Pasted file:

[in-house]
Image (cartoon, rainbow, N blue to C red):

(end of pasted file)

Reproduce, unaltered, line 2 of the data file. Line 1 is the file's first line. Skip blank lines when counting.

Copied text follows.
Image (cartoon, rainbow, N blue to C red):